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Anton B. Hommer, Gerhard Garhöfer, Leopold Schmetterer; Response Of Optic Nerve Head Blood Flow To 100% Oxygen Breathing In Healthy Subjects And Patients With Glaucoma. Invest. Ophthalmol. Vis. Sci. 2012;53(14):248.
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Ocular blood flow dysregulation has been implicated in the pathogenesis of glaucoma. In addition, a recent study also indicated that the disease may be associated with altered retinal oxygenation, although the authors speculated that this may be a result of the atrophic changes in glaucoma, because a strong correlation with the stage of the disease was observed. In the present study we tried to get more insight into this question by studying the response of optic nerve head blood flow to 100% oxygen breathing.
In the present study 32 patients with primary open angle glaucoma and 32 healthy control subjects were included. Optic nerve head blood flow (ONHBF) was measured using laser Doppler flowmetry at baseline and during a 20 minutes oxygen breathing period. In addition, endothelin plasma levels were measured at baseline as well as during oxygen breathing.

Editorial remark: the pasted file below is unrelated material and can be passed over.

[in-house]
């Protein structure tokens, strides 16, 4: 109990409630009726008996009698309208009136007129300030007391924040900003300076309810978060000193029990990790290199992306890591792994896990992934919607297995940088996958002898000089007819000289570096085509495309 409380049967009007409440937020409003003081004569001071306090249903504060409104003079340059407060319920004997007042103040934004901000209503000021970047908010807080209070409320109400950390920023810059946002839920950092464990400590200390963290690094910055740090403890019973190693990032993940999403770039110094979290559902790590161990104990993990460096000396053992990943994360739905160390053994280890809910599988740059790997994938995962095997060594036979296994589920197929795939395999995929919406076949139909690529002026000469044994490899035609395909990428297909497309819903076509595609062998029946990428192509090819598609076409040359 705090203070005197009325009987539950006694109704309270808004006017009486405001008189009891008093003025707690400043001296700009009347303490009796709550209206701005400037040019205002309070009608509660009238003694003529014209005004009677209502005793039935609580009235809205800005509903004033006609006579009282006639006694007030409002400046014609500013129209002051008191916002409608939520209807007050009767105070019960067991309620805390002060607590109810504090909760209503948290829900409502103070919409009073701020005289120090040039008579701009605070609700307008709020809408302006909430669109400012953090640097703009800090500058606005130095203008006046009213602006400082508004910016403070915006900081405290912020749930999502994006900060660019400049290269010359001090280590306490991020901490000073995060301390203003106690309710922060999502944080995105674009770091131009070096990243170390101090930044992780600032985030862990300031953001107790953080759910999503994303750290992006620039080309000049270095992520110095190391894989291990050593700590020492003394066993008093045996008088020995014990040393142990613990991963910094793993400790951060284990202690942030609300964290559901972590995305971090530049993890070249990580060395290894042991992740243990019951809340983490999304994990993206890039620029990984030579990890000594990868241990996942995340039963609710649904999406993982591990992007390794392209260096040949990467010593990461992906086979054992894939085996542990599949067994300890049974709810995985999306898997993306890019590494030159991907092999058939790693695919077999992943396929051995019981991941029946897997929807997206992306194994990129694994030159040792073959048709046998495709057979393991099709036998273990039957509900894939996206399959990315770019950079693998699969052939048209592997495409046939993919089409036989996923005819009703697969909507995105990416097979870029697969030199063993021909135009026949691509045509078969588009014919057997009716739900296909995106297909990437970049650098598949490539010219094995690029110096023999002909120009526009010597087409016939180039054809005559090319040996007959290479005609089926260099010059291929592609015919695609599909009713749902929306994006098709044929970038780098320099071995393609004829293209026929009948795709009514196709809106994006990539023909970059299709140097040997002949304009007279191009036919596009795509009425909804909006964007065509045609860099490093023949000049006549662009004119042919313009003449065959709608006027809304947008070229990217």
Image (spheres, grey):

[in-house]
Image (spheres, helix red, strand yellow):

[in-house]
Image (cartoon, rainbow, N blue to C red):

100% oxygen breathing did not alter blood pressure or pulse rate but induced a pronounced increase in arterial oxygen tension (p < 0.001 versus baseline, p = 0.341 between groups). As expected this hyperoxia was associated with a reduction of ONHBF in both groups (p < 0.001 versus baseline). This reduction was, however, more pronounced in healthy subjects (-27 ± 7%) than in patients with primary open angle glaucoma (-17 ± 6%, p = 0.031 between groups). Whereas 100% oxygen breathing increased endothelin plasma levels in both groups no difference was found between groups (p = 0.621).
The present study indicates that patients with primary open angle glaucoma have reduced ONHBF response to 100% oxygen breathing.
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